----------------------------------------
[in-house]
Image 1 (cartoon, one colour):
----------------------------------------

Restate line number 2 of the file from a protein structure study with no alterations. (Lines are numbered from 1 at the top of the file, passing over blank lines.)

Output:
Image 1 (cartoon, one colour):